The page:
Housing lot swap
Housing units to be built in Iqaluit, not Apex

Kerry McCluskey
Northern News Services

Iqaluit ( May 22/00) - Iqaluit's town council has vetoed the Nunavut Housing Corporation's plan to build six new public housing units in Apex.

Voted down for several reasons, Coun. Matthew Spence said when construction on the homes begins this summer, it would be in Iqaluit rather than in Apex, located approximately five kilometres outside of the capital.

"There's a number of reasons why the units aren't being built in Apex," said Spence "The zoning isn't correct. They are multi-family residential units. (The Housing Corporation) wanted to put them on single-family residential lots," he said.

Because of the proposed variance in zoning, municipal practice dictated the matter be put to the neighbours who live near the proposed development, all of whom came back to council and said they opposed the project.

Spence also said building the units in Apex would have taxed the community's trucked-water delivery system -- a service he described as already stretched.

"We're pretty well at our limit out there. We have a truck out there, but it has to come into town to fill up. That was a bit of an issue," said Spence.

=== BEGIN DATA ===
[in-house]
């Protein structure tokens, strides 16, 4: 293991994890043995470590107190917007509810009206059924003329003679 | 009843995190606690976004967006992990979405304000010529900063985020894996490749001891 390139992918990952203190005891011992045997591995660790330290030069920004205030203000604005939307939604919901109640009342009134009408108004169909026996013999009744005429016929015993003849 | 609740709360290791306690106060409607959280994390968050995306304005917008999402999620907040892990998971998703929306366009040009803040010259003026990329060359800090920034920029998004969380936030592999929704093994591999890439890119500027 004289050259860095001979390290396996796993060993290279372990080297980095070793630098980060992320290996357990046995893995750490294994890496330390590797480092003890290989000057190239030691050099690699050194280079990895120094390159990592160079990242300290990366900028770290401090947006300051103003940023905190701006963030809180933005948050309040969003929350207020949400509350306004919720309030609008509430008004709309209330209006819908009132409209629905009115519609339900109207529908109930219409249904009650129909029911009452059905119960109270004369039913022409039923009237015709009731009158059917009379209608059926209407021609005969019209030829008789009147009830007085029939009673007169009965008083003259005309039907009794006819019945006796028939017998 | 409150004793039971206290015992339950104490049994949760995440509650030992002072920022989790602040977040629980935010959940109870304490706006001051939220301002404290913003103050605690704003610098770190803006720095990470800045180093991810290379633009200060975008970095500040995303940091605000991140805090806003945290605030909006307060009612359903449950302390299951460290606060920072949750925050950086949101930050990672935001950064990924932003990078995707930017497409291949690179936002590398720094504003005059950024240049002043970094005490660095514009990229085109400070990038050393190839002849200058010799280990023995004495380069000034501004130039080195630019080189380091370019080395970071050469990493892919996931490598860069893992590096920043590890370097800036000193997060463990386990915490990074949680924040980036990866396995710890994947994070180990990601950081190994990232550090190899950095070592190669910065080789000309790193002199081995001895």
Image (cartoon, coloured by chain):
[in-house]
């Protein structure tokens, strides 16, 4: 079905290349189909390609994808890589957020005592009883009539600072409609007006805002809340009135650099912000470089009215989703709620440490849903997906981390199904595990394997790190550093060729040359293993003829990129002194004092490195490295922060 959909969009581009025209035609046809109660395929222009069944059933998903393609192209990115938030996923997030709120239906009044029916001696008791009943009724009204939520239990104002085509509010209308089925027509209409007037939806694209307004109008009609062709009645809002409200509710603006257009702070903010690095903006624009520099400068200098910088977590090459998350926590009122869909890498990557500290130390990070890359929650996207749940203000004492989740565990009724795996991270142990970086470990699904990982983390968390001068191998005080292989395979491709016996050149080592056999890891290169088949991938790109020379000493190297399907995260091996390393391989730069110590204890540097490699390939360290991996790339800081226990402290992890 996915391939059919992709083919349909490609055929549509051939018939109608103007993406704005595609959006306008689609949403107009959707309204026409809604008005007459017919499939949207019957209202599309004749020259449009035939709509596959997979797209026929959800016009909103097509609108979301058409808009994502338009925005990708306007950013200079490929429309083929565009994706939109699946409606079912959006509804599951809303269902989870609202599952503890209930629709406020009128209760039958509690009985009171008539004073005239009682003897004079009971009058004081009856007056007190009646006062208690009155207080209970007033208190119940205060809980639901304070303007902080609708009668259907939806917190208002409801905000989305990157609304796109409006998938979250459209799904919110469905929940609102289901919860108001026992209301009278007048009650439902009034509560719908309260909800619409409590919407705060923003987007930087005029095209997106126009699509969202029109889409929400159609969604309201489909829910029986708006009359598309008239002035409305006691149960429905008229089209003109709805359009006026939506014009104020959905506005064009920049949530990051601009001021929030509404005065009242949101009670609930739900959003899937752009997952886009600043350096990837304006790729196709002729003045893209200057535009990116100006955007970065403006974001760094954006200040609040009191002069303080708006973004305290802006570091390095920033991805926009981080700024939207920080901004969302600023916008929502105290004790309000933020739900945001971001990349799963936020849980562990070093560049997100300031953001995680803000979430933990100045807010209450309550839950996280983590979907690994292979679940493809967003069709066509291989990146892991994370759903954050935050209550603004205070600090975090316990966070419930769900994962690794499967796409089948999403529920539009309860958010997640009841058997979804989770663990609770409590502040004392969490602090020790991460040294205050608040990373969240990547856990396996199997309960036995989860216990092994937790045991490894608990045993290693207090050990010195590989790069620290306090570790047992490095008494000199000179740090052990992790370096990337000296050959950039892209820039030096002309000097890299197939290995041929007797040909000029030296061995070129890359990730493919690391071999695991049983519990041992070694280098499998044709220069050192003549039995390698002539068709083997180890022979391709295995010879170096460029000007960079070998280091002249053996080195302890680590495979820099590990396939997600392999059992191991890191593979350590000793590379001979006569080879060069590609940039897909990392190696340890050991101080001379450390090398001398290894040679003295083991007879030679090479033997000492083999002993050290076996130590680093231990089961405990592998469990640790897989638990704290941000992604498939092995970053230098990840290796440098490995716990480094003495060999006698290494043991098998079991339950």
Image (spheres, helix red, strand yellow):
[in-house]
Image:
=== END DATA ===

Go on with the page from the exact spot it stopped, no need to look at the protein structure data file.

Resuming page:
He further added that the distance from stores and other services available only in Iqaluit may have proved costly for the tenants.

"Generally (social housing units) are for people who are on the lower-income end of the scale and don't necessarily have a vehicle. They find it very costly travelling back and forth (from Apex to Iqaluit)," he said.

So, when the tender for construction of the units is awarded to the winning contractor by the end of May, two of the multi-family units will be built on a lot in the new Road-To-Nowhere subdivision with the third scheduled for construction on the road heading to Apex.

Spence said the change in plans was simply a matter of the town trading ownership of the parcels of land with the Housing Corporation.

Valued at $253,000, the lots in Apex came in worth roughly $60,000 more than the town's land -- they valued their property at about $189,000.

The difference in value, Spence said, would allow the Housing Corporation to cover the costs of hooking the new units up to the utilidor.

"From a budgetary standpoint, they come out even. They will have their three units built for whatever they budgeted for and the hook-ups will be paid for essentially by the town in exchange for these lots," said Spence.

Pam Hine, the president of the Housing Corporation, said they were disappointed by council's decision at first because it seemed like the ideal way to use the lots the corporation had owned for the last four years. She added, however, that it had all worked out in the end.

The decision to build the social housing units came from Housing Minister Manitok Thompson last year when she announced her department would build a total of 100 new homes across the territory to help alleviate the housing crunch plaguing Nunavut.